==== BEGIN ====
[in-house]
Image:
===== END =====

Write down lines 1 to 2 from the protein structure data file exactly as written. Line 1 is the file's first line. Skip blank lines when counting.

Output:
[in-house]
Image: